Trust Litigation

Trust litigation covers many different topics which may arise during the course of administering a Trust.  If litigation becomes necessary or occurs in a Trust, you should seek appropriate representation with an attorney who has litigation experience, in addition to experience with the Trust itself.  Below are some of the more common occurring areas of Trust litigation.

Trust Contest

  • Was the Trust presented to the beneficiaries in fact the most recent Trust executed by the Grantor?
  • Did the Grantor execute the Trust freely and willingly with no undue constraints or influences?
  • Was the Grantor of sound mind when executing the Trust?
  • Was the Grantor suffering from dementia, senility, or under the influence of medication or alcohol?
  • Does the Trust contain the plan and/or design of the Grantor?
  • Was the Grantor unduly influenced to write the Trust a certain way (i.e. did a child force the Grantor to give them more in the Trust or to leave out another beneficiary?)

Breach of Fiduciary Duty by the Trustee 

  • Failed to perform statutory duties or other directives as set forth in the Trust (i.e. failed to preserve the assets, pay bills correctly, disperse assets or pay interest or other assets out to the beneficiaries as set forth in the Trust).
  • Selling assets in the Trust for less than fair market value.
  • Purchasing assets that are inflated or unreasonably priced, or are worthless and do not serve the purpose of the Trust.
  • Giving assets in the Trust to individuals who are not designated to receive those items.
  • Disposing of assets as worthless without verifying appropriately.
  • Keeping a beneficiary from receiving an item or distribution due to bias toward the beneficiary (i.e. giving the item or asset away or selling it to someone else and failing to pay the value received to the beneficiary).
  • Stealing or embezzling money, securities or other assets from the Trust, or converting assets of the Trust for personal use of the Trustee, or paying the Trustee’s personal bills with trust funds.
  • Failing to verify if an asset should be part of the Trust.
  • Taking a higher Trustee fee than provided for in the Trust.
  • Selling assets from the estate in exchange for personal gain.

What did the Grantor mean to say in the Trust?

  • Do all the beneficiaries understand what the Grantor meant when describing an asset or giving directions as to when and how they were to receive their distribution or assets from the Trust? If not, it may be necessary to have the Court interpret or decide what the Grantor meant or intended in their Trust. This problem tends to occur in self-prepared/online documents, which are prepared by the grantor themselves.  In this situation, the Court would hold a hearing with testimony from all interested parties and render a decision.  To prevent this issue, you should consult with a qualified attorney and have a properly prepared Trust created to avoid unclear or confusing wording/terminology.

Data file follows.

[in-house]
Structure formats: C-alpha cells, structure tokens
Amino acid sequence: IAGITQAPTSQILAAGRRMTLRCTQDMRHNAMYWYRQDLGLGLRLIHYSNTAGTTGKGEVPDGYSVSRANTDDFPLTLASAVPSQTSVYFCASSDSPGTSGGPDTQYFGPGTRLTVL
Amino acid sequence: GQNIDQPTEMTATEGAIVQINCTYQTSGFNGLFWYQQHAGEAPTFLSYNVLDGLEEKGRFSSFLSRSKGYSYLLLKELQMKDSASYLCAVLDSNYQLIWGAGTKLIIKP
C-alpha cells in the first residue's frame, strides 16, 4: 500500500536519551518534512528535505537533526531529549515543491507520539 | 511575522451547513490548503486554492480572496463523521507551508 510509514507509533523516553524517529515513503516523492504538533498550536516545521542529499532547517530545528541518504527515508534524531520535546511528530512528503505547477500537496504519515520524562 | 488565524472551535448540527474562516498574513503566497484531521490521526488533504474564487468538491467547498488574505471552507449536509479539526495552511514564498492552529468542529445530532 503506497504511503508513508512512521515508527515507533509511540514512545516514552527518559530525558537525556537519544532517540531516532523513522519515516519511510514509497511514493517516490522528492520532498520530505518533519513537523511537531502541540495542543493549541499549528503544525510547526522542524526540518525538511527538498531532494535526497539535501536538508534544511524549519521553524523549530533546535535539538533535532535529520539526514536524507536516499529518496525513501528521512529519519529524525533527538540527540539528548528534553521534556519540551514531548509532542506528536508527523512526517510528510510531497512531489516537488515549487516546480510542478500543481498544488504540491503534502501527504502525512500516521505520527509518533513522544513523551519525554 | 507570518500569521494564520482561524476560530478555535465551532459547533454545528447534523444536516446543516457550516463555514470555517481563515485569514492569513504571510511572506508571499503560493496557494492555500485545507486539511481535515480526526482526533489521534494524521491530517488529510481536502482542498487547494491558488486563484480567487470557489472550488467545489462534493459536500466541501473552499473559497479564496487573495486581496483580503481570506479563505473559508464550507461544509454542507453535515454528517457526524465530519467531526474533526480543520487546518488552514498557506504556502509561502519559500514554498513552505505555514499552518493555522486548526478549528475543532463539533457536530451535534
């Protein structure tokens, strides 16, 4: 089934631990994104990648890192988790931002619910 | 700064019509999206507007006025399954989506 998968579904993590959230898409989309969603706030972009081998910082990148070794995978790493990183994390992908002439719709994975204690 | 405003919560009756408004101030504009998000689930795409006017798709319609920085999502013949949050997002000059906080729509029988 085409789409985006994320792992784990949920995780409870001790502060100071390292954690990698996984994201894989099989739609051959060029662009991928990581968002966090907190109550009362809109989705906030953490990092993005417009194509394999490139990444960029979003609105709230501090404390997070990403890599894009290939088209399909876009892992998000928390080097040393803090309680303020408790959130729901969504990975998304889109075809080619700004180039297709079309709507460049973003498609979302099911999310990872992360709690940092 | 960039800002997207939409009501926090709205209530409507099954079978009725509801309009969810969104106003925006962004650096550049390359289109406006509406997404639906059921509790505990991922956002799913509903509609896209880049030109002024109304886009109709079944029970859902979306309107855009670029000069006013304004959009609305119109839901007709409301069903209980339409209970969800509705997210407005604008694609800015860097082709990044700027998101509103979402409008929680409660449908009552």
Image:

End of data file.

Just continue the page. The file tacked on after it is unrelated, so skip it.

Who is a Beneficiary?

  • If it is unclear who your beneficiaries are in a Trust (due to poor drafting or unclear wording), this can lead to the necessity of having the Court determine who you intended to be the beneficiaries of your Trust and what they are to receive in the form of assets, distributions, money, etc.

Beneficiary left out of the Trust 

  • You may have executed your Trust prior to a marriage, birth of a child or children, have gone through a divorce, or perhaps a death of a spouse or child, but never updated your Trust after these life changing events. This can lead to a situation where a spouse may be evicted or removed from the house where they have lived and end up on the street or without a place to live. It may result in a child or children being left out and the assets of your Trust going to someone that you did not intend or want to have assets in the Trust, resulting in the possible impoverishment of your spouse or children.

By having your Trust properly prepared by a qualified attorney who practices in the area of Estate Planning, and choosing your Trustees wisely, you can avoid these mistakes and issues that can arise.

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